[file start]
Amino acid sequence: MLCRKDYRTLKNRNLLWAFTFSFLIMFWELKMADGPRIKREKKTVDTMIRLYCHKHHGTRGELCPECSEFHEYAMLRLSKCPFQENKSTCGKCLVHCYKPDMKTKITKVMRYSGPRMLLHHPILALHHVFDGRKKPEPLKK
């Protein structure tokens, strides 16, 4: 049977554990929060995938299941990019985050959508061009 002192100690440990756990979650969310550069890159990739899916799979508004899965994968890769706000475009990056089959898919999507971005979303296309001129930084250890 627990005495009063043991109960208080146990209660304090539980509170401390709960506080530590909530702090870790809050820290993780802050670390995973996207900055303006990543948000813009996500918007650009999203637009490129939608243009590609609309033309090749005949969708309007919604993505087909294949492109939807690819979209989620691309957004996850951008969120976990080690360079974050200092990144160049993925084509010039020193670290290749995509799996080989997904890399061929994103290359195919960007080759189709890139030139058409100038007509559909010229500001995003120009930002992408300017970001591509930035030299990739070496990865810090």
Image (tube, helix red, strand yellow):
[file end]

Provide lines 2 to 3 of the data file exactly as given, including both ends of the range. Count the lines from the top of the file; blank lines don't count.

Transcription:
């Protein structure tokens, strides 16, 4: 049977554990929060995938299941990019985050959508061009 002192100690440990756990979650969310550069890159990739899916799979508004899965994968890769706000475009990056089959898919999507971005979303296309001129930084250890 627990005495009063043991109960208080146990209660304090539980509170401390709960506080530590909530702090870790809050820290993780802050670390995973996207900055303006990543948000813009996500918007650009999203637009490129939608243009590609609309033309090749005949969708309007919604993505087909294949492109939807690819979209989620691309957004996850951008969120976990080690360079974050200092990144160049993925084509010039020193670290290749995509799996080989997904890399061929994103290359195919960007080759189709890139030139058409100038007509559909010229500001995003120009930002992408300017970001591509930035030299990739070496990865810090």
Image (tube, helix red, strand yellow):